We've told you about Daniel Okrent, whose law we all should abide by, but more often than not, we don't. (Okrent's Law: "There's nothing more interesting than your own rotisserie team and nothing less interesting than someone else's.")
We've broken down the basic rules, types of leagues, types of drafts and discussed the things you need to do once you've selected your team.
This has been fantasy baseball for beginners, and this is your central piece for the how-tos and how-comes.
Once you have played the game for years, you'll understand why you might consider punting saves, why steals tend to be overvalued and why Albert Pujols is as automatic as a bloated Yankees payroll and fans in small-market cities crying foul.
Until then, consider this an online manual of sorts. First, the three key parts of our What Is Fantasy Baseball? series.
- Part I: Who created fantasy baseball?
- Part II: The basic rules of fantasy baseball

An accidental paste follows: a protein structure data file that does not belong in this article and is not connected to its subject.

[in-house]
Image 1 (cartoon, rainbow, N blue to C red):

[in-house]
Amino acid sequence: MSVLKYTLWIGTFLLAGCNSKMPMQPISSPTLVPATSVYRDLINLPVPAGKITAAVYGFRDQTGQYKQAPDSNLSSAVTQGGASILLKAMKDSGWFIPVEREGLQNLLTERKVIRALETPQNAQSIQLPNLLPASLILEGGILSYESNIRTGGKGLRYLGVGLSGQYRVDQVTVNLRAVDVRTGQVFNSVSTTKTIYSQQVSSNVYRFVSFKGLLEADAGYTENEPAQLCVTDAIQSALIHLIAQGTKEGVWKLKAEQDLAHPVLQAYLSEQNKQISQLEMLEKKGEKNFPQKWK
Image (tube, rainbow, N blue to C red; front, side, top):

- Part III: The different types of fantasy baseball
We hope you have enjoyed this, and as the years go on and Pujols shows signs of no longer being a machine, we'll update the series. Until then, draft Albert, do your homework and always remember A.J. Burnett is not your friend, unless he's in a contract year. Also, if you're in a keeper league, here is our hub page with the complete set of keeper rankings for the 2011 season.
Before you go, here is the rest of our how-to fantasy baseball library ...
More fantasy baseball tips:
- ANALYSIS: How to assign value in rotisserie formats, How to manage your fantasy team in the playoffs
- COMMISSIONERS: How to run a fantasy baseball league
- DRAFTING: Five things you can learn from a mock draft, How to prepare for a draft in one hour, Draft horror stories
- KEEPER LEAGUES: How to choose the best keepers
- TRADING: How to make effective trades
- WAIVER WIRE: Five tips on how to manage the waiver wire